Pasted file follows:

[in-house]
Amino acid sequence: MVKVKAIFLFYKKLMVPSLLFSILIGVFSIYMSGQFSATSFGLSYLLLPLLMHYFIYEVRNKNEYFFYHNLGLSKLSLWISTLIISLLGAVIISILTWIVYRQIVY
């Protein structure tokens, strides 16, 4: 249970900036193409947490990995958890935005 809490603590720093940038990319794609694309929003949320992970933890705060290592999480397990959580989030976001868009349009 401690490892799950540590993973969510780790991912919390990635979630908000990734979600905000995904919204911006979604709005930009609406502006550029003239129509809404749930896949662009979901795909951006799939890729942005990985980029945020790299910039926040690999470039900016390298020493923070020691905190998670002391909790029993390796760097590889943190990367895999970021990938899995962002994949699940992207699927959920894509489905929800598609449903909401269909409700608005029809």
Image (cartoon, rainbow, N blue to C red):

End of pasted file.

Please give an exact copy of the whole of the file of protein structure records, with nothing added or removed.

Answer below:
[in-house]
Amino acid sequence: MVKVKAIFLFYKKLMVPSLLFSILIGVFSIYMSGQFSATSFGLSYLLLPLLMHYFIYEVRNKNEYFFYHNLGLSKLSLWISTLIISLLGAVIISILTWIVYRQIVY
């Protein structure tokens, strides 16, 4: 249970900036193409947490990995958890935005 809490603590720093940038990319794609694309929003949320992970933890705060290592999480397990959580989030976001868009349009 401690490892799950540590993973969510780790991912919390990635979630908000990734979600905000995904919204911006979604709005930009609406502006550029003239129509809404749930896949662009979901795909951006799939890729942005990985980029945020790299910039926040690999470039900016390298020493923070020691905190998670002391909790029993390796760097590889943190990367895999970021990938899995962002994949699940992207699927959920894509489905929800598609449903909401269909409700608005029809």
Image (cartoon, rainbow, N blue to C red):